So, hey, I’m back from an incredible 3 week holiday to tropical Mauritius where the locals are friendly, the water is clear and warm, and wild kittens lurk around scenic lookouts (in a country that taught the world just how easily humans can cause the extinction of an entire species*, you would think they would be a bit more careful about the stray dog and cat populations). And yes, my kids spent so much time playing with the kittens that they barely glanced at the stunning waterfall and wheeling pair of Paille-en-queue birds that floated on the warm breeze. I guess that’s what photos are for.
So did this picturesque country inspire me to write pages and pages of description of the Garden of Eden? Not really. It certainly gave me an appetiser for what Eden must be like – giant trees, lush greenery, fragrant air that made it easy to believe you could just climb up into a mango tree and sleep comfortably, and pick your own breakfast on the way down the next morning. But did I write about any of this? No, because this holiday was all about savouring the experiences. I turned my mind away from how I would put something into words and instead just allowed myself to feel and hear and smell and taste – and really see.
So here’s a quick run-down of what I came away with:
– I tasted street foods that were spiced with an Asian, Indian and African flavour combination that only a centuries-old trading port can really claim as its own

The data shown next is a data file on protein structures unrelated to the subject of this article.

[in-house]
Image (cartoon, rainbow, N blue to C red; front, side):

– I heard voices soaked in wisdom and worship as the members of an aged care facility sang hymns in celebration of my great-uncle’s 100th birthday
– I savoured the fragrances of fruits of every sort, that grew in sufficient abundance to convince anyone that a place like Eden could really be waiting for us with the best that the Earth has to offer
– I felt the thrill of swimming with a pod of spinner dolphins, and for a few minutes, my fear of the ocean was overlaid with a sense that I could just keep flying underwater with them at breakneck speed into the endless blue (this is possibly why they don’t have necks)
– I saw the incredible geological phenomenon that produced many colours of earth in a small bare patch of otherwise lush rainforest (stuff just doesn’t grow on it. Weird. And pretty, like unmelting scoops of earthy rainbow ice cream.)
So what was the greatest find? The greatest treasure of the trip? My mum’s sense of humour and her stories. For many years I’ve been trying to get Mum to tell as many stories of her childhood as possible. Problem is, she can never think of much to tell, and I never know what questions to ask that will reveal the best gems, but as she showed us around her birthplace, memories were triggered. The mango tree she used to climb that still stands on the now vacant block where her house used to be (destroyed by a cyclone, of course), the church in Vacoas where so many new relationships blossomed, the roadside bamboo that she once pushed her boyfriend into (still on his bike) because she could see her father driving towards them (he was unhurt, and very grateful).
The verdict? Setting is crucial, and not just so you can lend authenticity to the places you want to describe in your writing, but also because everyone has a connection to country, somewhere. These connections support identity, and identity supports creativity. We are our stories, and our stories are our connections to others.
*contrary to popular belief, Dodos apparently tasted pretty awful – it was the other imported species that gobbled them all up. Somehow I feel that makes their loss even more of a tragedy. So unnecessary. No wonder we aren’t allowed back to our Eden home yet.